Recovery from ACL Surgery
After anterior cruciate ligament (ACL) surgery, move your ankles up and down an average of 10 times every 10 minutes. Continue this exercise for two to three days to help blood circulation and to prevent blood clots from forming in your legs. If you develop acute pain in the back of your calf, tell your doctor. This could be an early sign of clots.
Keep your operated leg elevated at a minimum of a 45-degree angle. Prop your leg on cushions or pillows so your knee is at least 12 inches above your heart for the first three to five days after surgery. Keep your leg elevated if your knee swells or throbs when you are up and about on crutches. Don't put pillows behind your knee because this limits motion of the knee. Place pillows under your heel and calf.
Take pain medication
Expected pain and discomfort for the first few days. Take pain medications as your doctor advises. These could be over-the-counter painkillers, such as ibuprofen or acetaminophen, or stronger narcotic drugs.
Slowly begin bending your knee. Straighten your leg and bend your knee. If necessary, place your hands behind your knee for assistance bending your knee. The goal is to achieve a range of motion of 0 to 90 degrees by the time you return for your first post-operative visit a week after surgery.
Monitor for fever
A low-grade fever – up to 101 degrees Fahrenheit or 38.3 Celsius – is common for four or five days after surgery. If your temperature is higher or lasts longer, tell your doctor. Your temperature should go down with acetaminophen.
The dressing on your knee is usually removed the day after surgery. There may be some minor fluid drainage for two days. Sterile dressings or bandages may be used during this time. After surgery, keep the wound clean and dry. Take sponge baths until the sutures are removed.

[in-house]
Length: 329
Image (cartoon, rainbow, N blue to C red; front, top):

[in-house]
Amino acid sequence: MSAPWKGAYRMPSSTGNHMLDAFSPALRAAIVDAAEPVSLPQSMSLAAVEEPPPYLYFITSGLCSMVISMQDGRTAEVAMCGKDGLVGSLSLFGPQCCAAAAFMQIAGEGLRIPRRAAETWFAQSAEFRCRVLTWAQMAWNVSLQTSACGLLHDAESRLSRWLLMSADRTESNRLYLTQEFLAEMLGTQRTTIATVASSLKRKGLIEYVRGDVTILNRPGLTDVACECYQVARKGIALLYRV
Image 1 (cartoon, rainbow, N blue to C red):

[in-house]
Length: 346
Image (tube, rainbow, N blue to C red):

Your rehabilitation program to restore range of motion to your knee begins the moment you wake up in the recovery room. During the first week after surgery, most patients are encouraged to lift their legs without assistance while lying on their backs. These are called straight leg raises. By the end of the second or third week, patients usually walk without crutches.
Sessions with a physical therapist usually begin seven to 14 days after surgery. During physical therapy, weight bearing is allowed if you did not have a meniscus repair.
A range of motion of 0 to 140 degrees is a good goal for the first two months.
Don't work your quadriceps early on because this can stretch the ACL graft. Stationery bike riding or lightweight leg presses are recommended during the first three months after surgery. These exercises strengthen the quadriceps while using the hamstrings to protect the ACL graft.
Don't swim or run for five months. You can swim with your arms, without paddling your feet, at about two to three months after surgery.
UCSF Health medical specialists have reviewed this information. It is for educational purposes only and is not intended to replace the advice of your doctor or other health care provider. We encourage you to discuss any questions or concerns you may have with your provider.
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